OMAHA, Neb. -- Hopes by a small aviation museum in southwestern Iowa that a stamp in its possession was rare enough to parlay a potential fortune crashed Friday when experts told them it wasn't real, and likely not even worth the paper it was glued upon.
The Iowa Aviation Museum in Greenfield, Iowa, has had what it thought was a 1918 "Inverted Jenny" stamp on public display for some 20 years, dating back to when it was donated to the museum, glued to a board along with several other stamps. A notation from the donor attached to the board speculated then that it was worth about $73,000.
Experts at the national stamp convention meeting in Omaha knew immediately the stamp wasn't authentic, said Ken Martin with the American Philatelic Society that's holding the show through Sunday.
"It wasn't the right size. It was too small," Martin said. "This version was likely cut out of a postage stamp auction catalog."
An examination under a microscope confirmed experts' initial doubt. A 100-year-old stamp would have been printed from an artist's engraving, so the image under a microscope would appear as a series of lines. A reproduction for printed material decades later would have been comprised of a series of tiny dots, which is what appeared under the scope, Martin said.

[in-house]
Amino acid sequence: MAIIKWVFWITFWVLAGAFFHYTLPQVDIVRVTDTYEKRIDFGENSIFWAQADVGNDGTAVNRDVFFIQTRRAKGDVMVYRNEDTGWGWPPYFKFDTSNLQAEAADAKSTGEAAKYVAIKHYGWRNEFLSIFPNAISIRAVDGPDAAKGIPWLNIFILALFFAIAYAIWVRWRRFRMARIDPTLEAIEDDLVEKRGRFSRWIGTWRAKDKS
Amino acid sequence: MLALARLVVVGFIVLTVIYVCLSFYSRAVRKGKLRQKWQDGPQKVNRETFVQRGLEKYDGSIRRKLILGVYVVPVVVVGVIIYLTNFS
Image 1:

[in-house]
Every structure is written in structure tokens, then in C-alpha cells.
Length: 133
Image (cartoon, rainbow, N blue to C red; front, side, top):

The news was disappointing for those at the museum, which also serves as the home of the Iowa Aviation Hall of Fame and had hoped to auction the stamp for hundreds of thousands of dollars and build a new museum hangar.
"We really didn't know what we had," Larry Konz, a tour guide at the museum, said Friday. "When we were told that we might have the real deal, I thought, 'My God, we might have something quite valuable here, and we've had it hanging on a wall all this time."
Had it been real, it would be worth between $300,000 and $400,000 at auction, Martin said. There were only 100 of the stamps printed in 1918, with the image of a JN-4-H "Jenny" biplane accidentally displayed upside-down on a 24-cent stamp.
Norma Nielson, of Eugene, Oregon, was at the convention Friday to see for herself if the museum was in possession of one of the few rare and unaccounted stamps. Nielson is a stamp collector who grew up in the museum's hometown of Greenfield, and had put museum officials in touch with the American Philatelic Society to check the stamp's authenticity.
"I knew it was probably a slim chance of it being genuine, given how rare that stamp is," she said. "But, boy, it sure would have been exciting if it had been."